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Winter bugs

Just when you thought your garden had gone to sleep for the winter, tiny critters begin gnawing on your plants.

Winter may be here, but so too are those infuriating little critters that chew and suck on your prized plants. Ruud Kleinpaste checks out what creatures are busy in your garden this winter.

Snails and Slugs

Snails and slugs can be devastating in your garden and can decimate entire plants if you are not vigilant about controlling them. Generally it pays to clean up debris where the slugs and snails can hide. Weed control also helps to eliminate alternative feeding and hiding places.

Baits or pellets are the standard control method. But beware, pets have been known to take a liking to slug pellets. Here's a pet friendly way to get rid of snails and slugs.

Making a snail trap 1) Find a plastic container with a lid.

2) Place a few large entrance holes in the side of the container, big enough for a snail to enter, drill a small hole in the top of the container and also the bottom.

3) Put some snail bait inside the plastic container and put the lid on.

4) Put a bamboo stake or stick through the top and bottom hole and place in the garden at ground level Snail trap so the snails can easily find their way inside the container.

5) Bricks may also be placed around the container to stop it moving. The idea with this trap is that the bait keeps dry in the container and pets cannot access it. Voila!

If pellets are not applicable then a liquid formulation such as Slug Off will work for 10 weeks or so.

Millipedes and Centipedes

Winter bugs

Millipedes and centipedes look similar but are actually very different. Knowing the difference between the two is very important. Some millipedes are troublesome pests, but some feed exclusively on rotting materials in the garden. Centipedes feed entirely on other insects, so they are beneficial in your garden. Encourage composting millipedes and predatory centipedes into your garden, but if you want to get rid of them, eradicate damp hiding places or go for a liberal application of lime.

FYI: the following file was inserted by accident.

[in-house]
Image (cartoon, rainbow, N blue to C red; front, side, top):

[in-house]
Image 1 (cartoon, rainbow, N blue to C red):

Passionvine Hoppers

Passionvine hopper eggs

Passionvine hoppers are tiny moth-like insects with mottled wings that suck the sap from plants and cause your plant to lose its vigour. They can also cause honeydew and sooty mould.

They overwinter by laying eggs, so you can stop the cycle by finding and destroying their eggs and eliminating egg-laying sites such as tendrils, thin woody twigs and dying stems.

Soldier Flies

Soldier flies will be in the midst of a larvae period at present, and although they aren't very nice to look at they are useful in helping to break down garden waste. If you do notice a soldier fly in your compost heap, add some dry matter to it, because it's probably an indication that your compost is too wet.

Garden debris and weeds will provide a home for insects, weed seeds and diseases during the winter so give you garden a thorough clean to protect it over the winter. Proper fertility, mulch and adequate water at the right time will also help you in the never ending battle against bugs. Remember that healthy vigorous plants are a lot less attractive to bugs than stressed, unhealthy plants.

Reproduced with permission from NZOOM Home and Garden content,
from the previous website of  TVNZ News

The views expressed here are not necessarily those of the RNZIH

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Last updated: June 2, 2004